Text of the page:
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   RE: [xml-dev] CLAX - Client-side functionality

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Right on.  X3D does include a gzip format (always has) and will have a
binary form as well.  Sun donated some nice IP for that but I haven't
kept up with that.  Robin Berjon possibly knows about that because the
Web3DC is liaisoned.  OTOH, because a binary is a must-have for X3D,
they will keep pushing forward with or without consensus. 

>If we use the same ingrediants as we had 10 years ago, we will come up
with the same cake.

I agree, but I'm not too certain we won't come up with a known variant
anyway.  Again, the real quantum of hypermedia and multimedia is screen
refresh rate.   We can escape the page metaphor, but until holography is
cheap and field effects are reliable as clickstreams, we can't escape
the window metaphor (Mac '86)

Debatable certainly.  Has been debated.  Maybe we are braver this time.
A next generation browser would upset a lot of Apple carts, take the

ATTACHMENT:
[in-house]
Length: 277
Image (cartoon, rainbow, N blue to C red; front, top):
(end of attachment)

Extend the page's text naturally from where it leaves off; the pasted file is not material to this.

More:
'soft-ener out of the wash, and burn up the Helios.  ;-)


From: Rick Jelliffe [mailto:rjelliffe@allette.com.au] 

Bullard, Claude L \(Len\) said:

> For X3D, an example metatag is found in the head similar to HTML:

I suspect it might be worth while looking at a ZIP packaging format for
CLAX. To allow files to be bundled with binary, and to break up the XML
into smaller documents that can be loaded more eagerly/lazily. ODF and
MS have adopted this format, and it makes a deal of sense. (I think
SCORM does too IIRC...) This independent of links and AJAX-ish
background downloads.

For the Web, you dont want metadata per se taking up room in the early
packets: what you want is informaation that can be used to start
populating the visual page/pane ASAP.

Similarly, adopting the STX streaming version of XSLT rather than real
W3C XSLT might make sense too, so that rendering can start as soon as
the stylesheet and enough data appears. If the idea is to build a new
platform (e.g. in Java) to support distros of domain-specific non-HTML
XML browsers that are not supported well by IDE frameworks or HTML
browsers (which is debatable), we don't need to be constrained to use
W3C technology like XSD or XSLT actually. If we use the same ingrediants
as we had 10 years ago, we will come up with the same cake.


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